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Tax Consequences For Early Withdraws From Retirement Plans

Tax Consequences For Early Withdraws From Retirement Plans.

Article By : Patrick Mansfield | U.S. Gov Connect
Taxes On Early Withdraws

Additional Tax on Early Distributions from Retirement Plans:

Many commonplace retirement plans, such as the 401(k), offer significant incentives for people to save for retirement. Such incentives include tax deferrals and contribution matches. However, a 10 percent penalty applies to most early withdrawals. For the most part, this penalty applies to distributions taken from qualified retirement plans or deferred annuity contracts before the age of 59.5.

There are certain criteria that determine if the early withdrawal penalty is applicable and there are some exceptions that apply to these rules. First, it is important to define the term "qualified retirement plan" as generally, only these types of plans are subject to the penalty. In general, the following criteria apply:
  • Employee plans under section 401(a), such as the common 401(k) plan, and employee annuity plans under section under section 403(a) are qualified retirement plans.
  • Tax-sheltered annuity plans under section 403(b), which are typically applied to employees of public schools or tax-exempt organizations, are qualified.
  • Individual section 408(a) retirement accounts, commonly known as the standard "IRA," or section 408(b) annuities are qualified.
  • Government section 457 deferred compensation plans are not considered qualified and are not subject to the early withdrawal penalty. An exception to this rule is for funds that are attributable to transfers or rollovers from qualified plans.
In addition to the above, there are certain exceptions that apply even to qualified plans that do not require the 10 percent penalty. The following most common exceptions are distributions which are made:
  • To the plan holder's beneficiary or estate after death.
  • To the plan holder because he is permanently disabled.
  • Under a series of "substantially equal period payments" which are to be made over the duration of the life expectancy of the plan holder or the combined life expectancies of the holder and his beneficiary.
  • To pay for medical expenses if the expenses exceed 10 percent (or, until the end of 2016, 7.5 percent for individuals 65 years or older) of the plan holder's deductible income for that specific year.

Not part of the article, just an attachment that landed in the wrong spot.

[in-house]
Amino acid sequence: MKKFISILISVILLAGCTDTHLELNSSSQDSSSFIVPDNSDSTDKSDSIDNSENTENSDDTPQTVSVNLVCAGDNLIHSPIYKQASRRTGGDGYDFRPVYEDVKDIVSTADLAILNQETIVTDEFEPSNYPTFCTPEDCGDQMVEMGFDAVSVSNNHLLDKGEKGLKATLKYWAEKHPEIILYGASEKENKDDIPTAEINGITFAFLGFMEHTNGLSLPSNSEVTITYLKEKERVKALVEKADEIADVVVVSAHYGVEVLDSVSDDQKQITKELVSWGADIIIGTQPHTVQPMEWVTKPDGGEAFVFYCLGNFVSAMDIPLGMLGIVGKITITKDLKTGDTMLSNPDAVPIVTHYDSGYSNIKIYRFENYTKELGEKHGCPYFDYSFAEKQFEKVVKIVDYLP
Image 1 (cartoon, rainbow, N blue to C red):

• Due to an IRS levy under section 6231.
  • As qualified reservist distributions, which are made of individuals called for active duty for at least 180 days, or
  • As rollovers to another qualified retirement plan.
Lastly, the following additional exceptions apply only to qualified plans other than IRAs and are also not subject to the early withdrawal penalty. These are distributions which are:
  • Made after the plan holder has left his employer if this event occurred not earlier than the age of 55.
  • Made from a qualified governmental defined benefit plan of a qualified public safety employee, after the plan holder has left his employer if this event occurred not earlier than the age of 50.
  • Made to an alternate recipient under a qualified domestic relations order.
  • In the form of dividends from employee stock plans.

Those are have taken early withdrawals must report this on IRS Form 1040 when filing taxes for the year in which the withdrawal was made. Additionally, in some cases, IRS Form 5329 must also be filed. This applies in situations where:

The distribution is subject to tax and distribution code "1" is not shown in the appropriate box of Form 1099-R.

One of the aforementioned exceptions applies but the "Distribution Code(s)" box does not show the distribution code "2," "3" or "4."

Form 5329 need not be filed if the distribution is subject to the 10 percent penalty and distribution code "1" shows in the appropriate box. In this case, one only needs to enter the 10 percent penalty on the relevant line of Form 1040 and write "no" on the dotted line next to the appropriate line.

Finally, it is important to note that generally, all distributions from a qualified plan are subject to federal income tax withholding. However, if the distribution triggers the 10 percent penalty, the standard withholding may not be enough, and one may have to make additional estimated tax payments. More information can be found in IRS Publication 505.
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